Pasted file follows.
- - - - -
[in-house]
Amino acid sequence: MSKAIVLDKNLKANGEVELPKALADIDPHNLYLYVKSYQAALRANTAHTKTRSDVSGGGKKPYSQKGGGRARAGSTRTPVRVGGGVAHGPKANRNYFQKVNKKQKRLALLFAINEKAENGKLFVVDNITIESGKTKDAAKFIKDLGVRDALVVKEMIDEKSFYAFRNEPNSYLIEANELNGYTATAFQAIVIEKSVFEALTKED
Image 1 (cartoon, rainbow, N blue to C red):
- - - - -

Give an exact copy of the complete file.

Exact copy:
[in-house]
Amino acid sequence: MSKAIVLDKNLKANGEVELPKALADIDPHNLYLYVKSYQAALRANTAHTKTRSDVSGGGKKPYSQKGGGRARAGSTRTPVRVGGGVAHGPKANRNYFQKVNKKQKRLALLFAINEKAENGKLFVVDNITIESGKTKDAAKFIKDLGVRDALVVKEMIDEKSFYAFRNEPNSYLIEANELNGYTATAFQAIVIEKSVFEALTKED
Image 1 (cartoon, rainbow, N blue to C red):